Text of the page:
NKBA: Search for Financing Begins with a Detailed Loan Proposal

NKBA: Search for Financing Begins with a Detailed Loan Proposal

Hackettstown In order to gain the financing necessary to grow their businesses, kitchen and bath dealers much convince banks to lend them money and a strong financial proposal can go a long way toward achieving that goal, according to the National Kitchen & Bath Association. 

While banks may seem reluctant to lend money for business needs, in reality, they are interested in loaning money, since this is how they make money. They do not, however, have a desire to lend money to a company that they believe is not worth the investment.

The Small Business Administration, SCORE, banks and others have developed guidelines for businesses to follow when they are in need of financing, reports the NKBA. These guidelines assist a business in clearly and effectively communicating financial needs, as well as anticipated sources of prepayment.

When filing for a loan, a proposal should always include a cover letter that briefly explains the applicant's background, the nature of the business and the amount and purpose of the loan request. The letter should also touch on requested terms of repayment, how the funds will be used to benefit the business and how the loan will be repaid. The information in the letter should be kept short and simple, as further details will be included within the proposal, NKBA notes.
The proposal itself should supply the loan officer with detailed information about the nature of the industry and the particular business, including industry background and trends and how the business fits within the industry structure. The proposal should include answers to the following:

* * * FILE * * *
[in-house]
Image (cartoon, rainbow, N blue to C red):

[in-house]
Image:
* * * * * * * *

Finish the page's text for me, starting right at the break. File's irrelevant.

• Who are you? Your character and your ability to manage your business should be reviewed.
  • What are you going to do with the money? This will determine whether the loan should be short- or long-term. Money used to buy seasonal inventory will need to be repaid faster than cash used to purchase fixed assets.
  • When and how do you plan to pay it back? The banker's judgment of your business ability and the type of loan requested will be a deciding factor.
  • Does the amount requested make suitable allowance developments? This is decided on the basis of your financial statement, including allowance for unexpected conditions and the collateral pledged.
  • What is the outlook for business in general and for your business in particular? The applicant needs to pay close attention to the preparation of income and cash flow projections to support the ability to repay the loan. 
  • How strong is your management ability? The lender will be interested in your demonstrated ability as a manager in your field.
  • What is the ratio of business debt-to-net worth? The lender will examine your dollar investment in the firm, and will be less likely to consider investing funds if you are not willing to invest your own. The borrower should be willing to invest one dollar of personal funds for every two dollars of the loan.
  • How is your debt-paying record to suppliers, banks, a home mortgage holder and other creditors? Bankers will check personal credit rating, so make sure yours is up to the scrutiny. Check your credit history for errors and inaccuracies, and have them corrected, before filing the application.
  • How are the company's past earnings? If this is a previously existing company, its past ability to repay loans may weigh heavily on the decision. The applicant needs to reaffirm with the lender how the loan will benefit the firm.
  • What is the value and condition of your collateral? Every loan must have two identifiable sources of repayment usually cash flow from operating profits and collateral pledged to secure the loan.

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